Knowledge-Integration Processes and Learning Outcomes Associated with a Self-Diagnosis Activity: the Case of 5th-Graders Studying Simple Fractions
I examined how well a self-diagnosis activity engages students in knowledge-integration processes, and its impact on students’ mathematical achievements. The self-diagnosis activity requires students to self-diagnose their solutions to problems that they have solved on their own—namely, to identify where they went wrong and to explain the nature of their own errors—and self-score them, aided by a rubric demonstrating how to solve each problem step by step. I also examined knowledge-integration processes and the impact on students’ achievements in a traditional activity in which teachers solve, together with their students, problems that students have solved on their own. The two activities can provide students with opportunities to reflect on their own errors, which is assumed to promote learning. Two 5th-grade classes studying simple fractions with the same teacher participated. A pre-test/intervention/post-test design was employed. In the intervention, one class was assigned to the self-diagnosis activity and the other to the traditional activity. Results suggested that at least for a teacher who is not competent in managing argumentative class discussions, the self-diagnosis activity is more effective than the traditional activity in engaging students in knowledge-integration processes and enhancing their achievements. I account for these results and suggest possible directions for future research.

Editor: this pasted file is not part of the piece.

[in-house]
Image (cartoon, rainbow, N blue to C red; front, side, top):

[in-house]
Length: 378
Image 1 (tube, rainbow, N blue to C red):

KeywordsClass discussion Learning from errors Self-assessment Self-diagnosis Simple fractions
I would especially like to thank David Fortus for his valuable support and comments. I would also like to thank Edit Yerushalmi for her contribution to the current study. I appreciate the support of the Academic Arab College for Education in Israel—Haifa.
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